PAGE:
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An Ultimatum Game Model for the Evolution of Privacy in Jointly Managed Content

Research output: Chapter in Book/Report/Conference proceedingOther chapter contribution

Sarah Rajtmajer, Anna Squicciarini, Jose M Such, Justin Semonsen, Andrew Belmonte

Original languageEnglish
Title of host publicationDecision and Game Theory for Security - 8th International Conference, GameSec 2017, Proceedings
PublisherSpringer Verlag
Pages112-130
Number of pages19
Volume10575 LNCS
ISBN (Print)9783319687100
DOIs
StateE-pub ahead of print - 4 Oct 2017
Event8th International Conference on Decision and Game Theory for Security, GameSec 2017 - Vienna, Austria
Duration: 23 Oct 201725 Oct 2017

Publication series

NameLecture Notes in Computer Science (including subseries Lecture Notes in Artificial Intelligence and Lecture Notes in Bioinformatics)
Volume10575 LNCS
ISSN (Print)03029743
ISSN (Electronic)16113349

Conference

Conference8th International Conference on Decision and Game Theory for Security, GameSec 2017
CountryAustria
CityVienna
Period23/10/201725/10/2017

King's Authors

Abstract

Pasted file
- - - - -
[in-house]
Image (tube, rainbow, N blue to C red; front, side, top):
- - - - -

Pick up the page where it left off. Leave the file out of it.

Content sharing in social networks is now one of the most common activities of internet users. In sharing content, users often have to make access control or privacy decisions that impact other stakeholders or co-owners. These decisions involve negotiation, either implicitly or explicitly. Over time, as users engage in these interactions, their own privacy attitudes evolve, influenced by and consequently influencing their peers. In this paper, we present a variation of the one-shot Ultimatum Game, wherein we model individual users interacting with their peers to make privacy decisions about shared content. We analyze the effects of sharing dynamics on individuals’ privacy preferences over repeated interactions of the game. We theoretically demonstrate conditions under which users’ access decisions eventually converge, and characterize this limit as a function of inherent individual preferences at the start of the game and willingness to concede these preferences over time. We provide simulations highlighting specific insights on global and local influence, short-term interactions and the effects of homophily on consensus.

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